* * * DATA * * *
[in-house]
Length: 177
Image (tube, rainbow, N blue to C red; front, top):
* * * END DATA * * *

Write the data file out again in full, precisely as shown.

[in-house]
Length: 177
Image (tube, rainbow, N blue to C red; front, top):